Herbert Hoover used the radio only for traditional occasions, like the State of the Union address. He formally established the position of the press secretary hiring George Akerson in 1930.

    1933-1941: FDR and the Great Depression

    When Franklin D. Roosevelt became president, the modern period of president-press relations began. FDR held long and informal press conferences in the Oval Office and began the tradition of an annual press reception modeled after state diplomatic events.

    FDR was the first president to fully exploit radio as a force to promote his programs and policy.

    In 1933, First Lady Eleanor Roosevelt was the first wife of a president to hold an official press conference.

    1941-1952: WWII – the Korean War

    In 1945, Harry S. Truman proposed a major West Wing expansion that would add a studio and auditorium for press briefings. The plans lacked Congressional support and were not executed.

    Truman moved the meeting place for press conferences from the Oval Office to the Indian Treaty Room in the State Department (today’s Eisenhower Executive Office Building).

    Truman’s weekly press conferences became more scripted and usually included a formal presidential statement to outline positions or issues.

    1952-1963: The Cold War – Kennedy Assassination

    Dwight D. Eisenhower’s Press Secretary James Hagerty adopted full television coverage of the bi-weekly news conferences in 1955. Before the film was released to the public, Hagerty edited it to what was considered the most newsworthy portions.

    John F. Kennedy, long comfortable with print and electronic media, was the first president to hold a live televised news conference in 1961.

    Briefing books, practice sessions, and increasing amounts of staff time were needed to prepare for conferences that were now major news events as more than half the nation’s households had television sets.

    1963-1980: Vietnam – the Iranian Hostage Crisis

    Lyndon B. Johnson changed the nature of press conferences by including impromptu sessions where reporters asked questions rather than the formal forums held in the past.

    In 1969, a new press briefing room was created in the west terrace by covering over a swimming pool installed for President Franklin Roosevelt.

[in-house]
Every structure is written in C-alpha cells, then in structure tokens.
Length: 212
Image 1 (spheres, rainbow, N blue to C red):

Formal press conferences were held infrequently during the Nixon administration and those that were held were highly contentious because of the Vietnam War and Watergate.

    The Office of Communications was established in 1972 to reach out to the nation’s press beyond those with White House credentials, including out-of-town reporters, special interest and foreign press.

    Gerald Ford re-established regular meetings with the press after Watergate and attempted to establish a normal relationship with reporters. He held regular monthly press conferences and conducted interviews with leading journalists and television news anchors, such as Walter Cronkite, Tom Brokaw, and Barbara Walters.

    Jimmy Carter maintained regular monthly press conferences in the Old Executive Office Building and expanded his press contacts by scheduling bi-monthly meetings with out- of- town journalists in the Cabinet Room.

    1980-1992: Ronald Reagan – the Gulf War

    Ronald Reagan preferred to present himself and his policies in venues other than a formal presidential press conference. He held about six conferences a year, usually in the East Room during the early evening hours.

    George H.W. Bush made frequent use of press conferences in the press briefing room during his first three years in office, holding on average about three per month. He also instituted the practice of holding joint press sessions with visiting heads of state.

    1993-Present: Modern Days

    Bill Clinton and George W. Bush followed the practice established by President George H.W. Bush of holding press conferences with foreign leaders. Reporters claim the frequent use of joint conferences restrictive, as the expectation is that the questions will revolve around the work of the two leaders. The number of questions is also frequently limited.

    In 1995, Press Secretary Mike McCurry started the practice of televising the daily press briefings.

    By the 1990s, the dynamics of coverage was impacted by the 24 hour news cycle. Today the news is reported at regular intervals both day and night by rapidly growing numbers of cable television news organizations.